The COVID vaccine is first being administered to the most vulnerable of the population as well as to those caring for the most vulnerable, this according to local health experts.
Dr. Jeremy Blanchard, M.D., M.M.M., C.P.E., chief medical officer for North Mississippi Health Services said that care providers are taking a strategic approach in administering vaccines produced by the companies Pfizer and Moderna.
“First, we want to get the vaccine to people who are caring for sick people,” said Blanchard. “We need to preserve that workforce so we can continue to give the care. We also want to ensure that there isn’t a risk of those workers giving the virus to the people they’re caring for.”
Residents in long-term care facilities and the staff who serve them are first to receive the vaccine, Blanchard said.
The MSDH website identifies long-term care facilities as acute care facilities, long-term acute care facilities, inpatient rehabilitation facilities, nursing homes, assisted living facilities, home health care, mobile clinics, outpatient facilities such as physicians’ offices and others.
“We’re working with Walgreen and CVS to serve the residents, and we actually put the long-term caregivers on the prioritized list. So, when we started giving the vaccine, at all of our seven facilities, we started with healthcare workers who give direct care in an inpatient setting. We call those our cohort units. We’re talking about nurses, doctors, respiratory therapists, etc., all members of the team that are on that unit.”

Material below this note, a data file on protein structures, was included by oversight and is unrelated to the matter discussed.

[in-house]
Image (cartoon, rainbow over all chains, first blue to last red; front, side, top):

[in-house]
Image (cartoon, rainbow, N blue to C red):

The MSDH website states that health care workers include nurses, physicians, emergency medical services, technicians, pharmacists, dietary and food staff, environmental services staff and others.
“Then we quickly expanded to those caring for people throughout the community. It’s the same strategy, get the people who are caring for people vaccinated so that they don’t hurt anybody,” said Blanchard.
Blanchard anticipated that healthcare workers would expand the population receiving the vaccine to those 75 and older later this week.
“That’s how we’ll move through this, under the guidance of the Mississippi Department of Health and the Centers for Disease Control,” Blanchard said.
Three entities are administering the vaccine. First are what Blanchard called “providers,” such as North Mississippi Health Services. Next are CVS and Walgreens, working with long-term care facilities. Finally, the Mississippi Department of Health administers the vaccine.
“The process is supported by the Department of Health by giving us the vaccine, but is operationalized at our local institutions,” said Blanchard. “The Mississippi Department of Health has created 18 drive-through vaccination centers that you can only get access to online, and one of those is in Lee County.”
The Lee County location is at 1001 Barnes Crossing Rd., in Tupelo, and is open 9 a.m. – 4 p.m., Monday through Friday. Health care workers and those 75 and older can register online at https://msdh.ms.gov. or by calling (877) 978-6453. The process involves answering a brief questionnaire about one’s medical history.
“The 75-year old population will likely be managed through a clinical setting,” said Blanchard. “That’s probably what we’ll do, is move it out the clinic setting, but we have to operationalize it, because we’ve never done this before.”
Blanchard likened the two-shot vaccination process to receiving a shingles vaccination. The Pfizer vaccine was sent to big hospitals, Blanchard said, those with freezers capable of preserving the medicine. The Moderna vaccine doesn’t require the same freezing accommodations. Those receiving the Pfizer shot must return in 21 days for a follow-up shot. Those receiving the Moderna vaccine return in 28 days for a second shot.
This week the MSDH will release vaccines to 170 clinics throughout the state, although the agency hasn’t disclosed how they selected the clinics.